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    Saturday, December 03, 2022

    Newton, Hawkins building chemistry on and off the basketball court at UConn

    UConn sophomore Jordan Hawkins chats with the media following Wednesday's practice at the Werth Family Center. (Gavin Keefe/The Day)
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    UConn men's basketball coach Dan Hurley addresses the media following Wednesday's practice at the Werth Family Center in Storrs. (Gavin Keefe/The Day)
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    Storrs – Tristen Newton and Jordan Hawkins are more than UConn basketball teammates.

    They’re roommates, too.

    It was coach Dan Hurley’s idea to room the two together.

    “Coach did that on purpose,” Newton said after Wednesday’s practice. “He wanted the point guard and shooter to be together. He wants us to jell together.”

    They both could be in the starting lineup when the regular season begins.

    Newton, a transfer from East Carolina, is one of the leading candidates to fill the starting point guard vacancy while Hawkins, a shooting guard, is looking to have a breakout sophomore season.

    They’re getting along great and building chemistry on and off the court.

    “He’s a great dude,” Newton said. “At first, it was pretty rough. But now we’re everywhere together. You see him, you’re going to see me. It’s a great relationship.”

    Hurley is setting a tough tone during the first official week of practice. He has a lot to sort out with eight newcomers on the roster before the season opener on Nov. 7 against Stonehill.

    There’s been a noticeable ramp up in the intensity this week in practice. The Huskies went for about two hours and 20 minutes on Wednesday.

    “The first week, you’re really trying to build team toughness and a training camp type of mentality,” Hurley said. “Even looking past some things fundamentally that might not be exactly what you want to challenge people. … Before you can play well or win, you’ve got to learn how to fight and fight hard and fight together and build a camaraderie through a great challenge, so we put these guys through a fire with these practice plans early to try to build a strong, together team.”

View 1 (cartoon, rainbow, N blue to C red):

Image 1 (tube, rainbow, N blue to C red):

The Huskies felt the effects of Wednesday’s grueling practice.

    “My legs hurt, but I’ll be alright,” Hawkins said.

    Hawkins, a 6-foot-5 shooting guard with a reputation as a lethal perimeter weapon, will be a key player for the Huskies. He showed flashes of potential while battling injuries last season. He earned a spot on the All-Big East freshman team, averaging 5.8 points and 2.0 rebounds.

    Since the season ended last March, Hawkins has been working on his ballhandling, moves off the dribble, playmaking and defensive skills.

    “I’m trying to become a two-way player,” he said.

    Hurley is in favor of that happening. He wants Hawkins to be more than just player with a sweet looking jump shot.

    “We need him to play both ends of the court,” Hurley said. “But we just want him to be as prolific a scorer/shooter as he can be this year. Anything that he gets a look at, we want him firing.”

    UConn lost a lot of point production with the departure of four of the team’s five leading scorers from last season’s team.

    Newton has the ability to light up the scoreboard.

    Last year as a starter for East Carolina, Newton averaged a career-best 17.7 points to go with 4.8 rebounds and 5.0 assists during his junior season.

    But it will be difficult to replace All-Big East first team point guard R.J. Cole.

    Newton, along with the other newcomers, will have to get up to speed quickly

    “We need production from him,” Hurley said. “Obviously, we know he’s a guy that’s averaged a lot of points per game at a pretty good level.We know that the scoring will translate. Some of the facilitators and point guard-type of things that you have to know, the nuances of the game, we’re working through.

    “The play in and play out motor, the life or death nature of Big East basketball, we’re trying to get across to all these new guys that haven’t been in it.”

    Hawkins has been impressed with Newton during workouts.

    “Tristen has been looking really good,” Hawkins said.

    Hurley names team captains

    Hurley usually doesn’t name team captains, but felt compelled to do just that this season, picking sophomore Adama Sanogo and junior Andre Jackson, two returning starters.

    “For me, that’s the best compliment that you give a player in your program,” Hurley said. “Their work ethic is off the charts. They’ve accomplished players in terms of their production and what they’ve been able to do in their career. They’re about winning. I think they can handle the burden of leadership.”

    News and notes

    Hall of Famer Jim Calhoun watched practice Wednesday and talked to the coaching staff and team afterwards. “He said I out-cursed him today, which I know is not true because I’ve been up here to watch Coach work and I’ve seen him in the Big East tournament and I shared the court with him when I was a player,” Hurley said. “I couldn’t hear everything that he was saying but I know it wasn’t always nice.” Hurley values Calhoun’s advice and would like to bring the Hall of Famer back to more practices this season. … Hurley on running full practice sessions: “You get that long practice headache from screaming for two hours and 20 minutes, so it feels good.” … Freshman Donovan Clingan, who starred at Bristol Center, says he’s in the best shape of his life. “I’ve never felt better.”

    g.keefe@theday.com

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